Buying an Oriental Carpet

RugsText by Linda Wright / Styling by Yukie Mclean

Men and women have long covered floors to provide warmth and comfort to the home, even when home was a cave and the rug was an animal skin.

Paige Albright, owner of Paige Albright Orientals, specializes in a wide variety of antique Oriental rugs and believes, “There’s a story in every stitch.” She admits rugs are practical, providing insulation, but notes her clients are more influenced by their beauty and history.Rugs1

The stitches of the famous Pazyryk Carpet certainly have tales to tell. Found in 1948 in Siberia, the rug is credited with being the world’s oldest surviving woven carpet. Literally
frozen in time, it is thought to be from the 5th century BC, and it’s debated whether it originated in Armenia or Persia (Iran), two prolific centers of carpet production. Along with Turkey, these areas are still hubs for the carpet business today.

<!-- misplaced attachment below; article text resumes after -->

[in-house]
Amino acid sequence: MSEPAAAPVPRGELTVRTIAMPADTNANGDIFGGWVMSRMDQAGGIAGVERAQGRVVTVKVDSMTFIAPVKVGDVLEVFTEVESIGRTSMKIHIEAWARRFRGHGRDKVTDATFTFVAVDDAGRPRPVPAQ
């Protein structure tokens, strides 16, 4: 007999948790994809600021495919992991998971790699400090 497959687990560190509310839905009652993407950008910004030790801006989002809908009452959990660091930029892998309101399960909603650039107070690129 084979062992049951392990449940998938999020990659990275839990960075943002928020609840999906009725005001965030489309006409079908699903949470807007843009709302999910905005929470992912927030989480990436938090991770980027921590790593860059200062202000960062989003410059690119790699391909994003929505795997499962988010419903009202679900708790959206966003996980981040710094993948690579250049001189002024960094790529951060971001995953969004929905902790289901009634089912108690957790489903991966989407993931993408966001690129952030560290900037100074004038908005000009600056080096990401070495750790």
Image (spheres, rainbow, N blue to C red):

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“Rugs are classified by the name of the regions where they were woven,” Paige explains. “An example would be Oushaks from Turkey.” Carpets are also categorized as city rugs and tribal rugs. City rugs have more knots per inch, and therefore designs are more detailed. Tribal rugs are coarser with fewer knots, and the patterns are often geometric.

Even carpet remnants have found a place in both traditional and contemporary decorating. Paige has a piece of an antique rug framed and hanging in her home. Pillow coverings made of pieces of antique weavings and reproductions are also popular decorative accents.

Paige laughingly confesses to being a “rug nerd,” loving the history, design, and textures of each and every weaving. It’s no wonder her avocation and vocation are one and the same.

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If you are considering buying an Oriental carpet, here are four valuable tips from Paige Albright Orientals:

1. Measure the room where the rug is to be used from wall to wall. Rugs are priced according to size, age, and condition.

2. Check the knotting on the back of the rug and the consistency of the rug’s pattern and color.

3. Think about the traffic the rug will receive in your home. Different weaves will vary in showing wear in the carpet.

4. Buy the best you can afford. A handmade rug is usually more valuable and can last 50 to 100 years.